July 26, 2013

According to his long time friend, filmmaker Henry Jaglom, Orson Welles had a little crush on the Jews.

Jaglom knows this because he and Welles, the iconic force behind “Citizen Kane,” “The Third Man” and the famed 1930s radio broadcast “War of the Worlds” lunched together nearly every week for seven years. They dined at Ma Maison, once the most coveted table in all of Los Angeles.

The lunches began in 1978 when Jaglom was in his late 20s and Welles was at a stalemate in his career. Frustrated by all the misconceptions about his legendary figure, Welles planned to write an autobiography to set the record straight. He asked Jaglom to tape their maundering, dishy and sometimes even deep conversations. So for two years, until Welles’s death in 1985, Jaglom recorded the meetings that are now the subject of the book, “My Lunches With Orson,” transcribed, edited and published for Welles-aficionado posterity by the film historian Peter Biskind.

Jaglom and Biskind appeared together last night at WritersBloc Los Angeles to talk about those lunches and their provocative content, which Vanity Fair described as “Laden with secrets, gossip, and raunchy jokes.” As WritersBloc founder Andrea Grossman put it, “If Orson Welles thought he’d die one day, he might not have dished so candidly.”

But aren’t we glad he did: If Welles’s Great Man complex lent itself to delusions of immortality, his egotism is our rich reward. 

Jaglom first met Welles after working on the film “Easy Rider” which persuaded Peter Bogdanovich to arrange an interview for the aspiring filmmaker. Jaglom had the idea of adapting the play “A Safe Place” into a movie and hoped to create a character for the zany Welles. He flew to New York and knocked on the door of Welles's suite at the Plaza Hotel. He was struck when a rotund man answered the door wearing purple silk pajamas. “He looked like a giant purple grape,” Jaglom said. Without a script or a credit to his name, Welles instantly tried to rebuff him, but Jaglom pleaded for an hour of his time.

“I’ll sit here but I won’t listen,” he recalled Welles as saying.

Jaglom knew nothing of the character he wanted Welles to play — only that he wanted Welles. He remembered Welles was a fan of magic. So he crafted an off-the-cuff description: “The character is a lapsed wonder-rabbi who performs miracles!” Jaglom told Welles. “And nobody takes him seriously. He’s not a very good rabbi. He’s not even a very good Jew. And he’s trying to make something disappear…”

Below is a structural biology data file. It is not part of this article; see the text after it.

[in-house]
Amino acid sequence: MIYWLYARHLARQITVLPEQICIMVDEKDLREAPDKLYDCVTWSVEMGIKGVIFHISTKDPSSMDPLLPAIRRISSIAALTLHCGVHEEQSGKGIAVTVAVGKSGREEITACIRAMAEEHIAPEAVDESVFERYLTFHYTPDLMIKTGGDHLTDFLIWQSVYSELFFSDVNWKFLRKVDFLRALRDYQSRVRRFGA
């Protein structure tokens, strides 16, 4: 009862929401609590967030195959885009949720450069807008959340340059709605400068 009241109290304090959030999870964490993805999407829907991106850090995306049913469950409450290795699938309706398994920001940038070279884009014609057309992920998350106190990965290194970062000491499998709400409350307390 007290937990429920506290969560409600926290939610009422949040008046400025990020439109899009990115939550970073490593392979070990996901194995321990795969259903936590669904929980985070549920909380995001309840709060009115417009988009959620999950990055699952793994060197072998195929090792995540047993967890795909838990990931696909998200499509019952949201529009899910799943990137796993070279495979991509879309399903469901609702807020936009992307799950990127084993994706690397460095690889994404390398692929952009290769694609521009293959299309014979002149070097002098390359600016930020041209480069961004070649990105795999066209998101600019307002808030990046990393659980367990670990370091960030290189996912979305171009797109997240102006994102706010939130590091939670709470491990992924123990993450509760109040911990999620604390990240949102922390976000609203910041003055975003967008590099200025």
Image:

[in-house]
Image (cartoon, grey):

Previously refusing to look Jaglom in the eye, Welles turned towards him. “What is he trying to make disappear?” Welles wondered.

“That you won’t know until you play the part,” Jaglom said.


“Can I wear a cape?”

When filming began, the neophyte filmmaker had difficulty persuading his crew to manifest his vision. Welles offered some advice: “Just tell them it’s a dream sequence.”

Suddenly, Jaglom said, “The whole crew turned to pussycats!”  

When he later asked Welles to explain, Welles suggested a theory: These are hard working people with hard lives. Anything they can’t control threatens the stability of their work. But the one place they’re free is in their dreams. “So if you say it’s a dream sequence, you’re giving them permission to be free.”

Years later, when they were enjoying their regular lunches — which also included trips to Paris, Cannes and London — Jaglom and Welles developed a reputation in the press as an odd couple. Jaglom recalled that the French newspaper Le Monde described them with the headline Le Petit Ami: “Girlfriends.”

Biskind asked Jaglom what they each got out of the relationship.

“We told each other the emotional truth,” Jaglom said. “I became somebody with whom he felt comfortable talking about his emotions. He let me in.”

That may explain why Jaglom possesses a little known secret: Welles had a special fondness for Jews. Jaglom explained that Welles felt estranged from his “drunk, absent” father. And he suspected that his mother Beatrice, a concert pianist “and a society lady” had had several affairs. In the midst of this, Welles cultivated a relationship with a guardian of sorts by the name of Dr. Bernstein, whom he felt very close to. 

“Orson believed his father wasn’t his father,” Jaglom said. “Dr. Bernstein might have been his father — he had definitely had an affair with Orson’s mother.” But Welles also suspected that she’d had an affair with a Russian opera singer. Welles could never confirm, since his mother died when he was 9, and his father followed, when he was a tender 13.

Since Jaglom is Jewish, “the subject was of considerable interest [to me].” One day, Welles turned to him and said, “I know what you want to know, Henry: Am I Jewish?”

Welles answered: “Fifty-fifty.”

Jaglom added that whenever they would travel together, Welles would take him to Jewish delis — Bloom’s in London, Goldenberg’s in Paris: “He was very connected to his sense of what was Jewish,” Jaglom said.

They also had conversations about the Holocaust. “It made him so cynical about men,” Jaglom said. “How low men truly are if they are led that way.”

Shortly after the war, Welles was invited as the guest of honor to a celebrity dinner in Vienna. The post-war mood among the guests was somber. According to Jaglom, one guest reportedly said, “Vienna is not what it used to be! Something has gone out of Vienna.”

Welles tartly replied, “Yes. The Jews.”


Jaglom said the remark made the morning headlines.

When Jaglom began his recordings, Welles reportedly said, “Turn it on and don’t ever let me see it.” It was the only way he thought he could speak freely. To Jaglom's surprise, one day Welles asked, “Is it on?” But Jaglom had forgotten to bring his recorder that day.

“He literally grumbled,” Jaglom recalled. “And we didn’t talk much that lunch.”

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